“‘As the procession reached that very baobab tree,” he pointed at it with his accusing finger, “of a sudden we heard threatening growls commingling with sharp piercing dog barks. The dogs had sensed the raid Yaka was leading. They came out in threes; their mouths open, each was drooling and their claws left traces on the ground with each step they took. In a minute, half of the processing had disappeared. Only strong-headed, giant goats like Yaka stood their ground. The dogs bared their teeth and in unison they attacked the remaining animals. The goats retreated in that soldierly attempt at gathering formidable force capable of defending itself.”

 

On the spot of the first attack were four goats and a kid on the ground bleating at the top of their voices and nursing some minor injuries with their tongues. The dogs charged and attacked in one solid chain of military like formation. This scared away all the goats but Yaka remained undaunted and weighed different fighting tactics.

 

At the beginning, he made some bizarre leaps, perked up his ears, rammed the air and somersaulted once or twice. Then, in a steady galloping he ambushed his enemies. The dogs were smarter; they dodged his powerful blows. Yaka went past them staggering. He turned, looked at them eyeball to eyeball and then made screeching puffs. Now they stalked in accord and surrounded Yaka. His eyes started rolling from a side to another weighing the possibility of ramming the dogs with his sharp-ended horns.

 

Two grey-haired dogs and an old bitch offered to attack Yaka. He rammed the two male dogs right in the center of their heads and the bitch on her chest one after the other. They went yelling in pain with their crooked tails between their hind legs.

 

Seeing this and angered by a group feeling peculiar to dogs, an adult dog, tall for his age and stout for the training he received, called Bare, growled fiercely and all the dogs took Spartan positions at once and tightened their circle round Yaka, one could almost hear their muscles stretching to breaking point.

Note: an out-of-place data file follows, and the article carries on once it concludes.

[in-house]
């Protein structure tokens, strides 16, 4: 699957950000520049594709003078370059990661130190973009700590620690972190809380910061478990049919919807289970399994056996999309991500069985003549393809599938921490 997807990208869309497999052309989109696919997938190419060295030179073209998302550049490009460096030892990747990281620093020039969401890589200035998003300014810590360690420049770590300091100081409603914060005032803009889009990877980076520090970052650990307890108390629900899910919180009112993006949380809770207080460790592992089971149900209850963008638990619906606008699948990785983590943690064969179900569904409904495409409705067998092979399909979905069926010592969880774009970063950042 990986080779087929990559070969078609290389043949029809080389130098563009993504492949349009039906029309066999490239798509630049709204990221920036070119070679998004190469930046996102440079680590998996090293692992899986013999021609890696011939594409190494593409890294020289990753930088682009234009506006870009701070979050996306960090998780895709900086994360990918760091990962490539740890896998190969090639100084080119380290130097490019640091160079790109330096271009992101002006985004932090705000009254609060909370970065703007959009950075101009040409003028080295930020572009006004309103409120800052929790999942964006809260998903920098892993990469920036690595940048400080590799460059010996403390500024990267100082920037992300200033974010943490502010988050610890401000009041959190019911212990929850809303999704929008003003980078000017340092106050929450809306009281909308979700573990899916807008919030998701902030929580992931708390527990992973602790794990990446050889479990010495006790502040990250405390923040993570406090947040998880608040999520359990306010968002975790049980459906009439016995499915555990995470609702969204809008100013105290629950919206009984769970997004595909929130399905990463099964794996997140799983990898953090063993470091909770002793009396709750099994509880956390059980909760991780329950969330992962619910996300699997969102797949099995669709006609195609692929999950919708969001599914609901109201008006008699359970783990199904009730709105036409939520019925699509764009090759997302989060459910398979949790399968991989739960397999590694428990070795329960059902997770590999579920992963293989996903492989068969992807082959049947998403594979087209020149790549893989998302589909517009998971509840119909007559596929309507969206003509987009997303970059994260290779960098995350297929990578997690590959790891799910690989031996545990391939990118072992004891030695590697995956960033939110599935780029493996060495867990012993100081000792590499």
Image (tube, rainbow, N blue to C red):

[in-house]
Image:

One of the dogs made a deceptive move as if to hit Yaka and another came from behind and dug both his poisoned canine and claws into his flesh. He turned swiftly and hammered the air in his attacker’s absence; the dogs kept on doing the same till Yaka gave in to the pressures caused by the sharp pains that enveloped his body from head to toe. He fell upon his knees. They crushed the devil out of him and left him in a pool of blood.

 

When yaka was half consciously crawling, looking for a means to an escape, I heard a deafening whistling; and the dogs stopped at once as if they were remote-controlled. From that heavy, red gate came out an elderly man. His bushy face was sulky and his body stout and commanded the dogs back to the factory using his right hand. Gone they were, Lemi concluded.

 

At last I, Lemi and some others carted the wounded Yaka, who was half conscious, to the owner. We laid him down in front of the owner and narrated to him what had transpired between Yaka and the dog pack; but the owner couldn’t say a word. He sat down some inches from Yaka and looked him in the eye stonily for a long time. Imagine the beads of tears that were rolling down his cheeks. Some of his brothers and friends advised him to slaughter the goat to ease the pain and benefit thereafter from the meat, but he refused.

 

Yaka died an hour or two later and clung to Muktar’s chest, who mourned him as he would do a brother,” Lauya concluded at last.

 

 

 

Read Part One of Yaka here

 

 

 

 

Abdulyassar Abdulhamid

Abdulyassar Abdulhamid, Kano based, is graduate of B.A English from Bayero University, Kano. He is a budding writer, social analyst, freelancer at Sunrise Language Practitioner (SLP) and regular contributor to Nigerian dailies. 
His writings have appeared in The Communicator, a magazine published by Kano State Polytechnic and in Dailytrust, The Triumph and The cable newspapers. He has a strong interest in literary theory.